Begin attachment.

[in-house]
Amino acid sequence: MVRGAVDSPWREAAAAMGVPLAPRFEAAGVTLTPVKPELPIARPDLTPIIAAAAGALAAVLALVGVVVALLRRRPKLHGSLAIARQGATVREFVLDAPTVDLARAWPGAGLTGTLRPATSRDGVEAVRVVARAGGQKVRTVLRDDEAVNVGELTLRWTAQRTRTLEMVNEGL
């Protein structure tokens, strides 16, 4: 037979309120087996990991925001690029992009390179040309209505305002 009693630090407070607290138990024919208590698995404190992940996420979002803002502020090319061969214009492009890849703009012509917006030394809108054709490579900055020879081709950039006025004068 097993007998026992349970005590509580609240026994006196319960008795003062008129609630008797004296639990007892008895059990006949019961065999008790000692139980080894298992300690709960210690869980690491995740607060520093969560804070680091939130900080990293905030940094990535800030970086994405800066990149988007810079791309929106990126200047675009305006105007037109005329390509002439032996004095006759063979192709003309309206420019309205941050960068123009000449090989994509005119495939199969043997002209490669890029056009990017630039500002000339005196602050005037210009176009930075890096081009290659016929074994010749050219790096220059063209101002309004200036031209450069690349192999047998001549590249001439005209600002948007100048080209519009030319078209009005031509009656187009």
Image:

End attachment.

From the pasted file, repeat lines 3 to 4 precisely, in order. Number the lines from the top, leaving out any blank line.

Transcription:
């Protein structure tokens, strides 16, 4: 037979309120087996990991925001690029992009390179040309209505305002 009693630090407070607290138990024919208590698995404190992940996420979002803002502020090319061969214009492009890849703009012509917006030394809108054709490579900055020879081709950039006025004068 097993007998026992349970005590509580609240026994006196319960008795003062008129609630008797004296639990007892008895059990006949019961065999008790000692139980080894298992300690709960210690869980690491995740607060520093969560804070680091939130900080990293905030940094990535800030970086994405800066990149988007810079791309929106990126200047675009305006105007037109005329390509002439032996004095006759063979192709003309309206420019309205941050960068123009000449090989994509005119495939199969043997002209490669890029056009990017630039500002000339005196602050005037210009176009930075890096081009290659016929074994010749050219790096220059063209101002309004200036031209450069690349192999047998001549590249001439005209600002948007100048080209519009030319078209009005031509009656187009």
Image: